First the back - very painful again this morning, but then the morning's are always the worst. It's like an old car, needs a bit of time to get going. A combination of paracetamol and Ibuprofen should do the trick and get me through to this evening in order that Bicester's No 1 Sunday night karaoke entertainment can reliably take place at the White Hart as it has done since time immemorial. Well 2009 to be precise. A bit of heavy lifting to do but I have plenty of offers of assistance in place should I need to call on them, so thank-you to those concerned.
|New to Bicester|
Last night we checked out the Brewers Fayre up on the new Kingsmere estate. With the kids away and it being our wedding anniversary it was more than overdue for us to go out for a meal. OK, our anniversary was actually Thursday but we didn't get round to celebrating until Saturday, in fact I did not even get a card and flowers until yesterday. Which sounds bad, but being flat on my back and not able to leave the house between Tuesday and Friday this fell under the category of "exceptional circumstances". So yesterday it was. We decided to walk up to the Brewers Fayre, partly because I am not one of those lazy people who gets taxis everywhere, and partly because I wanted to gauge the route for future purposes. The new school is to be built directly behind the Brewers Fayre, and I wanted to get a feel for how far it really is to walk.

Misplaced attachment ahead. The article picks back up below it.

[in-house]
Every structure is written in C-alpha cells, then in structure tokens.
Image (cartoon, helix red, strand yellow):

In fact - it was not anything like as far as I had envisaged. I had been thinking about the road route, whereas as the crow flies, it's definitely achievable. From our place, cut diagonally across Pingle Field and you are at Big Tesco in no time. After that it was a bit tricky. There are no footpaths in place at all at the moment so you have to double back to the lights to cross, and then walk along as if you were going to Wyevale, risk your life crossing the A41 and then walk all around the Premier Inn and then back on yourself to get to the Brewers Fayre. So that bit was quite a trek - however when the new road system is all in place, presumably you'll be able to cross safely by the Esso garage and then straight into the footpaths to the new estate. About half a mile in total - and definitely achievable. So perhaps we won't have to move after all. So the 18 month plan may have to be revised.